I couldn’t have predicted they’d get this invested in the character. I thought they’d wind up more interested in the revenant they fished out of a river or the caravan leader, who was just some dude, who was entrusted with secret documents to take from one country’s leadership to another’s that were apparently so valuable that the caravan was attacked by assassins. None of which caught their interest for very long. They loved the Revenant for a while, but there was no talk of trying to bring him back, or finding out what happened to him after they learned he was the result of an experiment to see if a necromancer could artificially induce a revenant that would hunt a killer who had not actually killed him and he turned into dust when the necromancer concluded his experiment by slaying the person binding the revenant to unlife. They just moved on from the caravan leader, even though he was a family friend/relative to one of the player characters and clearly up to some shit. I certainly wouldn’t have planned it that way, but you make stuff, let your players pick what they like, and then do your best to run with it.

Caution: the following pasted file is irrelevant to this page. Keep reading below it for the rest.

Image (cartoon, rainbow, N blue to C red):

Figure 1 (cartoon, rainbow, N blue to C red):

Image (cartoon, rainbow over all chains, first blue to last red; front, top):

As far as the story goes, all I can really do is try to make cool stuff. I have no idea if they’re actually super invested in what might happen or just enjoying themselves on a per-session basis, and I’m honestly not sure it super matters right now. As long as we’re all having fun, I’m happy with whatever we’re doing. I’d love to be able to figure out what kind of stories they’re willing to emotionally invest in, since I’d love to overwhelm a player with emotion (not, like, in a mean way, just in a “dang, that’s some good storytelling” kind of way). I think that if I making sure I’m investing in their stories, building things out for them, and checking in with them regularly, I’ll probably get there eventually. None of my games are meeting weekly right now, at least not ones I’m running, so it’s difficult to tell if people are super invested because it’s difficult to retain details across multiple weeks without a session. Everyone asks questions like someone who wasn’t paying attention and that’s just because it’s been so long. Even the most meticulous of notes can only remind us of the details of what happened. They can’t make us feel that way again, nor can they entirely re-immerse us in a story that’s been set aside for multiple weeks.